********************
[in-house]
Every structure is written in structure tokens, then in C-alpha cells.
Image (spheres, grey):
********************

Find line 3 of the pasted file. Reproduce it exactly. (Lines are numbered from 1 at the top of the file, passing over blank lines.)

Image (spheres, grey):